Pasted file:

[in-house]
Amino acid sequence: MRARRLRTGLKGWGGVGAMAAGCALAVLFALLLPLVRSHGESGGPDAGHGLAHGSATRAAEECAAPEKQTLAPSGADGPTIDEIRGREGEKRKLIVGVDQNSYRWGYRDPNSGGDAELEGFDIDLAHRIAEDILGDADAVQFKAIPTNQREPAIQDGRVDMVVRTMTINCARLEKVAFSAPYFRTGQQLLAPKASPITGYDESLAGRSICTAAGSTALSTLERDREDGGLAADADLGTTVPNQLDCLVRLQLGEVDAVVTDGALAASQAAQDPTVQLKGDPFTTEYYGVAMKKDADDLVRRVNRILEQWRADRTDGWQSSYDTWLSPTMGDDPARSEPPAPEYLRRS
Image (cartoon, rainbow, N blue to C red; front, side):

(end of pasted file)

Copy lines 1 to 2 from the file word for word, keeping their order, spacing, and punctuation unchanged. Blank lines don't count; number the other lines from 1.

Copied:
[in-house]
Amino acid sequence: MRARRLRTGLKGWGGVGAMAAGCALAVLFALLLPLVRSHGESGGPDAGHGLAHGSATRAAEECAAPEKQTLAPSGADGPTIDEIRGREGEKRKLIVGVDQNSYRWGYRDPNSGGDAELEGFDIDLAHRIAEDILGDADAVQFKAIPTNQREPAIQDGRVDMVVRTMTINCARLEKVAFSAPYFRTGQQLLAPKASPITGYDESLAGRSICTAAGSTALSTLERDREDGGLAADADLGTTVPNQLDCLVRLQLGEVDAVVTDGALAASQAAQDPTVQLKGDPFTTEYYGVAMKKDADDLVRRVNRILEQWRADRTDGWQSSYDTWLSPTMGDDPARSEPPAPEYLRRS